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A font rendering library for microcontrollers.

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MCUFont: Overview

.. include :: menu.rst

MCUFont is a font compression, decompression and rendering library for use with microcontroller systems. Its main purpose is to allow high-quality anti-aliased text rendering, while having small enough footprint to fit in the typical flash memories.

Historically, there are many simple font rendering routines available. They are usually ad-hoc implementations inside various graphics libraries, and consequently they "take the easy way out". Usually this means monochrome only, no kerning, sometimes only monospace and very basic algorithms for word wrap. The goal of this library is to become a standard solution for this problem, so that also microcontroller based systems can enjoy high quality text. On the other hand, the purpose is not to compete with libfreetype and similar vector font rendering libraries, because they already exist.

Overall structure

The library consists of the encoder program, written in C++, and the decoder library, written in ansi C. The encoder runs on your PC and is used to import and compress font files. The decoder runs on the target microcontroller and decompresses and renders the characters.

Getting started

Once you download the library, run make in the root folder. This will build the encoder, encode a few example fonts and build a render_bmp example program for testing the decoder and renderer.

The example fonts will be built in the fonts subfolder, and consist of two files each. For example, DejaVuSans12.c and DejaVuSans12.h are the DejaVu Sans font rendered at 12 pixels height. To render text using this font, you could do this::

#include "fonts.h"

static void pixel_callback(int16_t x, int16_t y, uint8_t count, uint8_t alpha, void state) { while (count--) { / your code goes here, ex: drawPixel(x, y, alpha, color::black); */ x++; } }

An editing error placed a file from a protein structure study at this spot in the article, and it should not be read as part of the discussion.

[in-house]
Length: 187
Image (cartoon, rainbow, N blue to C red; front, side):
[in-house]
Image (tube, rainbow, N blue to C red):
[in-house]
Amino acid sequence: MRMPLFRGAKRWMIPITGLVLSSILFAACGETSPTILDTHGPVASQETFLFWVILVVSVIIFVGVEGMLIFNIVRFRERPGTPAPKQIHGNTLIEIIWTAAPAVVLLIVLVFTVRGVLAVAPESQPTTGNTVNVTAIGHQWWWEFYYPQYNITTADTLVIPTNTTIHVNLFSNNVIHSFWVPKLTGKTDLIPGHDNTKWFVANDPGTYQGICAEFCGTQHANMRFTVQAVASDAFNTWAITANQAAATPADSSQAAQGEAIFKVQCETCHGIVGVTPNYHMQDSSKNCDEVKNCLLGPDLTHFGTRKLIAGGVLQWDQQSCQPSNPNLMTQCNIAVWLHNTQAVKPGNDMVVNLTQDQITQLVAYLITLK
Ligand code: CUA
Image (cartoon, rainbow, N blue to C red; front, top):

static uint8_t char_callback(int16_t x0, int16_t y0, mf_char character, void *state) { return mf_render_character(&mf_rlefont_DejaVuSans12.font, x0, y0, character, &pixel_callback, state); }

void main() { mf_render_aligned( &mf_rlefont_DejaVuSans12.font, 0, 0, MF_ALIGN_LEFT, "Hello, World!", 13, &char_callback, NULL); } </mcufont.h>

What happens here is that mfrenderaligned takes each character of the string "Hello, world!" in turn, and calls mfrendercharacter for them. The character rendering function will then decompress the glyph data and call pixel_callback for each consecutive run of pixels. The callback function provided by you will then finally draw the pixels to the screen.

Features and limitations


  • Pure C runtime
  • Support for importing .ttf and .bdf fonts
  • Small code size of the decoder library (1-5 kB depending on enabled features)
  • Abstract callback interface for writing to any kind of display
  • 16-level antialiased fonts
  • Uses libfreetype's high-quality hinting when importing .ttf fonts
  • Advanced kerning, justification and word wrapping algorithms
  • Fast decoding and high compression ratio


  • No support for runtime scaling of fonts
  • Slow encoding
  • No subpixel antialiasing (could be added in the future)

System requirements

The decoder side has minimal system requirements. The following header files are only required for the declaration of the standard types, and can be easily replaced if not available on the target platform:

  • stdbool.h for declaration of bool datatype
  • stdint.h for declaration of uint32_t etc. datatypes
  • stddef.h for wchar_t if enabled (optional)

The encoder also should compile on many kinds of platforms. It needs libfreetype, cxxtest and a C++ compiler to build.

Debugging and testing

The encoder includes basic unit tests which are run before building. The decoder side is tested using the render_bmp example applications. All tests are run automatically by executing make in the top directory.

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